If you are concerned about your employees or co-workers taking cocaine, you are probably correct.
The popularity of cocaine among employed drug users may have peaked during the 1980s, but this drug still remains a major problem among Australians today.
According to the World Drug Report 2017, the annual prevalence of cocaine use in Australia doubled from 1% in 2004 to 2.1% in 2010. It remained at that level in 2013. This is very high by global standards: five times the global average and twice that in the European Union. (source)
What is Cocaine?
Cocaine or cocaine hydrochloride belongs to a class of drugs called stimulants. Users snort it or rub it into their gums, and it produces a short-term euphoric feeling and a burst of energy.
It is extracted from the leaves of the coca bush found in Peru and Bolivia and then mixed with various chemicals.
The drug comes in the form of a white odourless powder and has a bitter taste.
Originally indigenous people in South America used cocaine for an increase in energy, to suppress the appetite, and as a local anaesthetic.
Since cocaine is illegally manufactured, there are no regulations in place for hygiene. Furthermore, it can be mixed or cut with dangerous substances as well as sugar, baking soda, and talcum powder.
Cocaine became popular in the 1900s, which tripled the reported cases of nasal damage. It is also known as candy, snow, and coke.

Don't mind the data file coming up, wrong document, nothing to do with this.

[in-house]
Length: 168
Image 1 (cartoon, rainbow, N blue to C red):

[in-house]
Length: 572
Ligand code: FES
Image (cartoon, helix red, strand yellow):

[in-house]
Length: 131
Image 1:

In Australia, 5.9% of residents above the age of 14 years have used cocaine at some point in their life, according to the National Drug Strategy Household Survey in 2007.
An employee can use cocaine discreetly and even function well at work, which is why it is one of the most popular of stimulant drugs in the world.
It is a drug that users can take for increased energy to meet a deadline or to present a very important report.
Effects of cocaine on the body
The effects of cocaine can be experienced as early as 30 minutes after taking it. The effects include:
- Dilated pupils
- Drying of the mouth
- An increase in breathing and heart rate
- Reduced appetite
- Improved strength and energy
- Increase in confidence
If taken in large doses, cocaine can induce psychosis, hallucinations, paranoid delusions and anxiety.
How does Cocaine work?
Cocaine affects the reward system of the brain. It does so by affecting the way dopamine is released and transmitted. Cocaine acts by binding to the dopamine transporter, blocking the removal of dopamine from the synapse. This means that Dopamine accumulates in the synapse to produce an amplified signal to the receiving neurons. This is what causes the euphoria commonly experienced immediately after taking the drug.
The following video illustrates this further:
Cocaine users experience a crash afterward. During a crash, a user feels lethargic, weakened, exhausted, unfocused, sad and depressed.
Long-term use of the drug can cause insomnia, depression, anxiety and paranoia, weight loss, sexual dysfunction, nasal damage, breathing difficulties, and psychosis.
The Effects of Cocaine On Your Workers